Ingleborough’s mountain slopes.

Many of these rarer species are in such small numbers – in single clusters and, in some cases, found nowhere else in the world – that they are highly vulnerable to damage, bad weather and the effects of climate change. Swift action is needed to prevent them from being lost forever.

Much work is already under way. Yorkshire Wildlife Trust’s groundbreaking Wild
Ingleborough conservation project began three years ago and will put Yorkshire’s famous peak on the international stage by helping to restore more of Ingleborough’s landscape and creating corridors for wildlife. Members of the Yorkshire Wildlife Trust have been working hard across Ingleborough to help wildlife thrive: they have been abseiling down cliffs to collect seeds, creating a tree and plant nursery at altitude to grow on these seeds until they can be planted out, trying new methods of growing ferns by spraying their seeds into the cracks of limestone pavement, and letting our conservation grazing cattle roam the landscape.

These are landscape-scale ambitions. Thanks to the generosity of the local community and long-term supporters, Yorkshire Wildlife Trust were recently able to purchase two new reserves – Ashes Shaw and Bellfield’s Pasture – to help expand the space for wildlife and protect more of this unique landscape. The ambition is to reach new heights and create a wilder, more connected landscape, with space for wildlife to roam, expand and thrive.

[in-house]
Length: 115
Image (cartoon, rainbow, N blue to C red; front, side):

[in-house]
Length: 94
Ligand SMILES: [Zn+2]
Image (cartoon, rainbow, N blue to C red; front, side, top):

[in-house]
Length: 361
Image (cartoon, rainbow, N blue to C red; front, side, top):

Drystone walling, Photo courtesy of WWF

The heritage of Ingleborough and the vital involvement of the local community has been a big priority. Dedicated local volunteers have worked alongside Yorkshire Wildlife Trust to start reinforcing and restoring the drystone walls, and historians have helped to uncover important archaeological remains – including some from the Bronze Age – at Ashes Shaw nature reserve.

Volunteers have been out and about, no matter the weather, replanting native broadleaf trees to create more cover for wildlife. In fact, they have contributed over 11,000 hours since the project began, helping to plant over 108,000 trees and other plants!

Local children from ten different schools have joined us on a wild wander to Ribblehead so they can learn more about their wild mountain, and children from Settle and Kirkby Malham primary school created a wonderful animation encouraging visitors to take care around ground-nesting birds, which was widely shared across the county. The Trust is also supporting more local school groups with their John Muir Award this year. With some careful planning, this area of the Dales could be a significant destination for visitors who also want to discover and enjoy more abundant wildlife, which could be worth millions to the local economy.

Wild Ingleborough is a small but critical haven, from which some of Yorkshire’s rarest limestone plants can flourish. Working with partners and a network of landowners and farmers, we can restore a wilder landscape fit for people and wildlife of the future. There is so much hope for the future of Wild Ingleborough and for the wildlife which could thrive there if given an opportunity, but this vision can only be brought to life with the support from our community and people who love this area.

To find out more, get involved with Yorkshire Wildlife Trust, or to make a donation visit
ywt.org.uk/Wild-Ingleborough or call 01904 659570 and select option 1.